February Fantasy Redux | watts with it?
Guest contribution by Willis Eschenbach
This is an extension of my previous post titled February Fantasy vs Reality. Please read this to get the basic ideas. To recap, says a study by Science magazine
Despite the rapid warming that is the main feature of global climate change, particularly in the Arctic, where temperatures are rising much faster than anywhere else in the world, the United States and other regions of the Northern Hemisphere have had a conspicuous and increasingly frequent number of episodes of extreme cold winter weather for the past four decades.
The Arctic is warming twice as fast as the global average and severe winter weather is reported to be increasing in many densely populated mid-latitude regions, but there is no consensus on whether there is a physical link between the two phenomena.”
In my previous post, to test this claim of increasing “severe winter weather,” I looked at the average continental US February temperature to see if it was cooling. It wasn’t chilled.
However, some commentators rightly pointed out that the issue discussed in the study was not average temperature. Instead, the authors spoke of “episodes of extremely cold winter weather” as experienced in Texas in February 2011 and 2021.
Looking for a more accurate measure of extremely cold winter weather, I obtained daily temperature data for the Southern Great Plains from NOAA. Here is a map of the area in question.
Figure 1. Map of the regions of the National Climate Assessment.
Then I calculated the standard deviation (a measure of how widely spread temperatures are) for February temperatures. I argued that the standard deviation would be larger if there were short, sharp cold spells.
Figure 2. Standard deviations of February minimum daily temperatures for the Southern Great Plains. Cold spells are indicated by an increase in standard deviation.
In Figure 2, we can clearly see the Texas cold spells of 2011 and 2021. But is there a “conspicuous and increasingly frequent number of episodes of extremely cold winter weather over the last four decades”?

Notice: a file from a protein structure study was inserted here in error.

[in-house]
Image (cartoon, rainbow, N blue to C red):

Well… in a word, NO. Figure 2 shows that in 1951 there was a severe cold spell. And the Texas State climatologist agrees, saying:
Jan – Feb 1951: Freeze. On 31.01.-02. On February 3 and again on February 13-17, cold waves swept across the state bringing snow and sleet. Truck and citrus crops were badly damaged in the lower Rio Grande Valley, particularly in the earlier of these northern states. In the north from January 31st to February 2nd. 3, the temperature rose to -19°F in Dalhart.
However, there were few “episodes of extremely cold winter weather” in the thirty years after 1951 until the decade and a half from 1981 to 1996. During this time there were a number of cold spells, though not as intense as February 1951. The coldest of these, February 1985, San Antonio got a rare snowfall and they saw the coldest day on record in Midland, Texas became.
However, in the quarter century since 1996 there have only been the two extreme cold periods mentioned above, in 2011 and 2021.
If we divide the 72 years of record into three 24-year periods, we have only one “episode of extremely cold winter weather” in the first period; six slightly warmer episodes in the second period; and only two episodes in the last 24 years.
So no, in the Southern Great Plains there is not a “conspicuous and increasingly frequent number of episodes of extremely cold winter weather. Also, “severe winter weather…is not increasing,” they claimed. None of these statements are true.
Then I thought, “Well, maybe I’m looking too far south. Perhaps the claimed effect is visible in the northern Great Plains.” So it went back to the drawing board, and here’s what I found.
Figure 3. Standard deviations of February minimum daily temperature for the Northern Great Plains. Cold spells are indicated by an increase in standard deviation
Although the Northern Great Plains NCA region has greater disparities in February low temperatures, the same situation prevails as in the Southern Great Plains — one “episode of extremely cold winter weather” in February in the first 24 years, half a dozen or so in the middle 24 years and the two cold February 2011 and 2021 in the last 24 years. And there is no trend in the data.
Another beautiful theory runs hard on a riff of ugly facts.
best to all,
data access—I have placed the 72 years (1951-2022) of daily temperatures in the southern Great Plains, both maximum and minimum, in my Dropbox for download. It’s a fairly small file titled Great Plains South nClimDiv.csv, 588 KB, in CSV format so it can be opened in Excel or other programs.
my usual—I can defend my own words. I choose them very carefully. I cannot defend your (mis)understanding of my words. So please, if you comment, cite the exact words you are discussing.
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